Postwar elections held under Syrian occupation were characterised by “gerrymandering, or the redrawing of electoral district boundaries, to ensure the election of pro-Syrian Lebanese candidates”, said Amal Hamdan, an electoral systems and legal frameworks expert.

Ms Hamdan said Lebanese politicians routinely fall back on threats of a civil war as soon as they feel threatened.

Opinions are divided on whether the coming elections represent a real risk to the country's political establishment. Some believe that reformist groups may capitalise on discontent caused by the country's economic crisis, while others, including Mr Ferzli, have issued warnings that traditional parties will remain strongly in place.

“Political parties could come back with a vengeance, knowing that the electoral law is biased in their favour,” said Karim Bitar, a professor at Saint Joseph University in Beirut.

With little hope of real change, voter apathy across all communities is expected to be high. Only 50 per cent of the Lebanese intend to vote, according to a recent poll conducted by the Konrad Adenauer Stiftung foundation.

The Economist Intelligence Unit recently downgraded Lebanon to an “authoritarian regime,” meaning, among other things, its elections are not free and fair.

Millions spent on electoral materials

The international community is providing substantial technical support to the elections in an attempt to make sure they go ahead. The EU has donated $6.6 million while the US gave $2 million via the UN.

Most of this is toward the purchase of electoral materials such as 25,000 bottles of indelible ink, 20,000 voting booths and 10,000 Covid-19 protective kits.

“The process is ongoing and the materials are expected to be received in due time for the organisation of the elections,” said the UN Development Programme.

On the hunt for Lebanon's Central Bank governor

On the hunt for Lebanon's Central Bank governor

The total amount of money allocated this year to organise elections is deemed to be enough — as long as the funds are distributed properly.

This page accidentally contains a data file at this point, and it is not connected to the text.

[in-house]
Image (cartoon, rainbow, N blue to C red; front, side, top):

The Interior Ministry is set to receive $18 million, yet local media report that so far less than $2 million, or 40 billion Lebanese pounds, has been unlocked. The Interior Ministry did not answer a request for comment.

The $3 million meant for the Foreign Affairs Ministry to organise elections for the diaspora has yet to be disbursed, said diplomats. They pointed to the minister, Abdallah Bou Habib, asking for help to pay for DHL services to send ballot boxes back to Lebanon for counting. This is estimated to cost $900,000. Mr Bou Habib's press advisor told The National he was too busy for an interview.

Possible sanctions

Diplomats say they sense worry among Lebanese leaders that they could be the target of EU sanctions over their role in undermining their country’s democratic process. The possibility of sanctions made headlines last September when the EU Parliament urged sanctions on Lebanese officials.

“We saw quite a few people trying to hedge their bets by spreading their money around to different accounts,” said the western diplomat.

Politicians refused to link elections to sanctions.

“We hear talk about sanctions but they have never been discussed in the sense that elections are being held because of fears of sanctions,” said Mr Aoun, a member of the president’s political party, the Free Patriotic Movement.

The EU delegation in Beirut declined to talk about the topic of sanctions. MEP Isabel Santos, who headed an EU delegation during a visit to Beirut in November, was cautious in discussing them.

“Power needs to be legitimated by the vote of the people,” she said. “We need to see how things go with the electoral process.”

MEP Salima Yenbou, who participated in the November visit, said it was “unfortunate” that sanctions had not yet been put into effect.

“What more needs to happen in Lebanon for the European Council to decide that sanctions should be applied?” she asked, pointing to the lack of accountability after the devastating Beirut port blast in August 2020.

“The Lebanese elite that pillaged the country and brought its population to the current catastrophe must be punished,” she said.

Updated: February 24, 2022, 12:17 PM